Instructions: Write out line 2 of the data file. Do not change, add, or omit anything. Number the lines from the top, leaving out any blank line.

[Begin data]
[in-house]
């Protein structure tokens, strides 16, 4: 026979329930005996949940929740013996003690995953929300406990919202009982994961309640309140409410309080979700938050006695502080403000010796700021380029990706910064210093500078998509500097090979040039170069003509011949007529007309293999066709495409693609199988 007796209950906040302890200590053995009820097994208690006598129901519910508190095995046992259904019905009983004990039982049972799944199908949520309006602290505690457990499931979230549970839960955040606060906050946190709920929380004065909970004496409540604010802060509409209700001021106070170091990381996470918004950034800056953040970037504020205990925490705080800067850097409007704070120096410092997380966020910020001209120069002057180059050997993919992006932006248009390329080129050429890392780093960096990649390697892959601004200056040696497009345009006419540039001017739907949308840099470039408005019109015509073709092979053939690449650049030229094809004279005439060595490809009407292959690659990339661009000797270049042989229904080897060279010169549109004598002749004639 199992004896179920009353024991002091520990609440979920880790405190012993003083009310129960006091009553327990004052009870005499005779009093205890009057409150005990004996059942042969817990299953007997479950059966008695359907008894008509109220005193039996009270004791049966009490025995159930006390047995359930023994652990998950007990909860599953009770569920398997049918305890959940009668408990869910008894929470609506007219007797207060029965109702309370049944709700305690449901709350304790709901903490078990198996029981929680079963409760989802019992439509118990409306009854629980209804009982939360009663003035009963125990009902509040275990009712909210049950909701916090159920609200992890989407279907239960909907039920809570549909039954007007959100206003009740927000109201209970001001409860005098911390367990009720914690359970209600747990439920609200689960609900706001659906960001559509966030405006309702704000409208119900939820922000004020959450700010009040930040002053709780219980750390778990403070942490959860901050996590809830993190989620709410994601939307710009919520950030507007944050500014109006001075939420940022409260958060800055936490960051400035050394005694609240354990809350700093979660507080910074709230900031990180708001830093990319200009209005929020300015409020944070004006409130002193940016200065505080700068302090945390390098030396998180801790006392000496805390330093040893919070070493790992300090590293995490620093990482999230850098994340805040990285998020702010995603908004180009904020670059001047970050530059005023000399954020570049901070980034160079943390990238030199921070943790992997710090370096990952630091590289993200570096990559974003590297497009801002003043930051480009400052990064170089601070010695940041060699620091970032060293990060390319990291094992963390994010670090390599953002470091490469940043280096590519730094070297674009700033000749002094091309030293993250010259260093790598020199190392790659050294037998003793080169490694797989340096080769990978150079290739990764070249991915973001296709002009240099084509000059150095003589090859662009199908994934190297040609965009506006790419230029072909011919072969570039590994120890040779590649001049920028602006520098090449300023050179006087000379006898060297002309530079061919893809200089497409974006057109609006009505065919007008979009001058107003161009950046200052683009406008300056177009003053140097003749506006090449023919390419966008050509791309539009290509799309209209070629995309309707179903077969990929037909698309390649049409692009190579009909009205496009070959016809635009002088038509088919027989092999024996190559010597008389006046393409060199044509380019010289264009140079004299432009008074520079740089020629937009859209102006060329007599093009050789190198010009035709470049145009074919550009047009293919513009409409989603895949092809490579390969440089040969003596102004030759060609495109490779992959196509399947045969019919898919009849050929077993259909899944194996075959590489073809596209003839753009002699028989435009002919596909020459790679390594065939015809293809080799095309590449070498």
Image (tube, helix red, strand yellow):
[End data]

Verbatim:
């Protein structure tokens, strides 16, 4: 026979329930005996949940929740013996003690995953929300406990919202009982994961309640309140409410309080979700938050006695502080403000010796700021380029990706910064210093500078998509500097090979040039170069003509011949007529007309293999066709495409693609199988 007796209950906040302890200590053995009820097994208690006598129901519910508190095995046992259904019905009983004990039982049972799944199908949520309006602290505690457990499931979230549970839960955040606060906050946190709920929380004065909970004496409540604010802060509409209700001021106070170091990381996470918004950034800056953040970037504020205990925490705080800067850097409007704070120096410092997380966020910020001209120069002057180059050997993919992006932006248009390329080129050429890392780093960096990649390697892959601004200056040696497009345009006419540039001017739907949308840099470039408005019109015509073709092979053939690449650049030229094809004279005439060595490809009407292959690659990339661009000797270049042989229904080897060279010169549109004598002749004639 199992004896179920009353024991002091520990609440979920880790405190012993003083009310129960006091009553327990004052009870005499005779009093205890009057409150005990004996059942042969817990299953007997479950059966008695359907008894008509109220005193039996009270004791049966009490025995159930006390047995359930023994652990998950007990909860599953009770569920398997049918305890959940009668408990869910008894929470609506007219007797207060029965109702309370049944709700305690449901709350304790709901903490078990198996029981929680079963409760989802019992439509118990409306009854629980209804009982939360009663003035009963125990009902509040275990009712909210049950909701916090159920609200992890989407279907239960909907039920809570549909039954007007959100206003009740927000109201209970001001409860005098911390367990009720914690359970209600747990439920609200689960609900706001659906960001559509966030405006309702704000409208119900939820922000004020959450700010009040930040002053709780219980750390778990403070942490959860901050996590809830993190989620709410994601939307710009919520950030507007944050500014109006001075939420940022409260958060800055936490960051400035050394005694609240354990809350700093979660507080910074709230900031990180708001830093990319200009209005929020300015409020944070004006409130002193940016200065505080700068302090945390390098030396998180801790006392000496805390330093040893919070070493790992300090590293995490620093990482999230850098994340805040990285998020702010995603908004180009904020670059001047970050530059005023000399954020570049901070980034160079943390990238030199921070943790992997710090370096990952630091590289993200570096990559974003590297497009801002003043930051480009400052990064170089601070010695940041060699620091970032060293990060390319990291094992963390994010670090390599953002470091490469940043280096590519730094070297674009700033000749002094091309030293993250010259260093790598020199190392790659050294037998003793080169490694797989340096080769990978150079290739990764070249991915973001296709002009240099084509000059150095003589090859662009199908994934190297040609965009506006790419230029072909011919072969570039590994120890040779590649001049920028602006520098090449300023050179006087000379006898060297002309530079061919893809200089497409974006057109609006009505065919007008979009001058107003161009950046200052683009406008300056177009003053140097003749506006090449023919390419966008050509791309539009290509799309209209070629995309309707179903077969990929037909698309390649049409692009190579009909009205496009070959016809635009002088038509088919027989092999024996190559010597008389006046393409060199044509380019010289264009140079004299432009008074520079740089020629937009859209102006060329007599093009050789190198010009035709470049145009074919550009047009293919513009409409989603895949092809490579390969440089040969003596102004030759060609495109490779992959196509399947045969019919898919009849050929077993259909899944194996075959590489073809596209003839753009002699028989435009002919596909020459790679390594065939015809293809080799095309590449070498």